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  • My 3 Month Group – Walking in CORE Strength – starts April 2nd. If you are interested in learning more, click here

Are You Living Your Faith In Real Life?

By Leslie Vernick

I was baking cupcakes with my granddaughters when we got stuck. We needed to figure out how to divide two thirds of a cup in half. I turned to my daughter to ask her when she said, “Don't look at me, you know I hated fractions.”

I understood her shame. Math was never my strong suite either. No matter how much I studied math facts in school; those tricky word problems exposed my weakness. What I knew on one level, I couldn’t apply in another.

In the same way many of us also struggle with real life spiritual applications. For example, we know Jesus says we should forgive people, but how do we do it when our husband cheats on us and repeatedly lies to us?

We know we shouldn’t let the sun go down on our anger, but how do we let go of our hurt and anger when our teenager has defied our rules and broken our heart? We know that the Bible says that God loves us and we are his precious daughters, but how to we live like that’s true when we don’t feel anything like a daughter of the King; instead we feel more like an abandoned orphan?

Whether our learning is educational or spiritual, it must become personal in order for it to move from our head to our heart and become practically useful. It did me no good for me to learn French in high school and college and then never speak it. Proverbs 24:32 says, “I applied my heart to what I observed and learned a lesson from what I saw.”

Below are five practices that can help informational become transformational truth.

1. Read the Bible out loud, or listen to it audibly on CD. Sometimes when we read the same Bible verses over and over again they start to get stale and fail to grab our heart in fresh ways. Listening to God’s word helps you hear things differently and more personally, like he’s speaking just to you.

2. Memorize a portion of Scripture that has an action step. For example, James 1:19 says, “Be quick to hear, slow to speak, slow to anger.” Challenge yourself to memorize a new verse each month, not merely learning the verse but also intentionally practicing what it says for the entire month. You’ll be amazed at your transformation by the end of one year.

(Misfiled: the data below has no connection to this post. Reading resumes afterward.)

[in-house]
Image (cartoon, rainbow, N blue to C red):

3. Slow down. Sometimes when I read my Bible, I feel like I’m rushing to get a certain amount read each day. Although I’ve loved reading the entire Bible in a year, sometimes I am none the wiser because of it. Slow down your reading. Focus your attention on a few words, or a single phrase. Psalm 23 is a wonderful psalm to savor. Begin with the first line, “The Lord is my shepherd, I have everything that I need.” What does that mean to you? Is he your shepherd? In this moment, right now, can you trust God has your needs met? If not what? What holds you back? Talk to God about that.

4. Meditate. This practice focuses your intellect, reason, imagination and will on a particular topic, story, verse, or image, allowing God to speak to your heart in specific ways. The Psalmist says, “I meditate on your precepts and consider your ways. I delight in your decrees; I will not neglect your word” (Psalm 119:15,16).

While meditating in Luke 5, I read the familiar story of Jesus asking Peter to let down his nets to catch some fish. Peter had been fishing all night long, with no success. Peter was tired. Jesus asked Peter to use one of his boats so that he could preach but now he told Peter to go further out and let down his nets. Peter was dog tired. He had already cleaned his nets and explained that to Jesus, but then Peter said something else that caused me pause. He said, “We worked hard all night and didn’t catch a thing, but if you say so, I’ll do it.” How many times do I argue with God that I’m tired, I’ve already tried that, it didn’t work, no success. Yet Peter said, “Because you said so, I will do it.”